During these stages, one of the preferred diagnostic methods are imaging tests such as mammography and a breast eco-sonogram. The prognosis is also usually good in most cases, depending on the presence of hormone receptors and the production of HER2 protein.

Stage II

The stages of breast cancer take into account the lymph nodes
The presence of tumor cells in the lymph nodes can significantly worsen the prognosis, since it reveals a greater extension of the disease.

This stage is characterized by the presence of a tumor of considerable size, reaching an average of more than 5 centimeters (2 inches). In some cases, the cancer is limited to the breast, but it can affect up to 3 lymph nodes. This stadium also has 2 subdivisions, which are the following:

  • IIa: There are two different possibilities. The first is that the tumor is similar to stage Ib, but that the lymph node involvement has an extension greater than 2 millimeters. For its part, the second refers to a T2, N0, M0 tumor, that is, a tumor between 2 and 5 centimeters (0.8 to 2 inches) without lymph node extension.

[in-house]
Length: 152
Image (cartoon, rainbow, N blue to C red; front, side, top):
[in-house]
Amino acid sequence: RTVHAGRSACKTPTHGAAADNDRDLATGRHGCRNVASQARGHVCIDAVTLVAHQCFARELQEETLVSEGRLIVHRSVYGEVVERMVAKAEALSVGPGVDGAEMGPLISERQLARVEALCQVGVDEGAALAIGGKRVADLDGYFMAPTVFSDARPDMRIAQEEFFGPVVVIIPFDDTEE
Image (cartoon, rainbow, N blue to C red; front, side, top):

• IIb: This is a T2, N1, M0 tumor, that is, with a size between 2 and 5 centimeters  (0.8 to 2 inches) and with an extension of up to a maximum of 3 lymph nodes. A T3, N0, and M0 tumor can also be treated, which means that it is larger than 5 centimeters (2 inches) in size without lymph node involvement or metastasis.

The large size of tumors in this category makes them easier to detect with breast self-examination. The cancer has started to spread at this stage, so it’s necessary to start treatment as soon as possible in order to prevent the disease from progressing.

Stage III

This is one of the most advanced stages of breast cancer, just before it begins to metastasize to distant organs. At this point in the disease, a large tumor, extensive lymphatic spread, and involvement of adjacent tissue, such as the chest wall and skin, may be found. It is divided into 3 subcategories depending on the severity: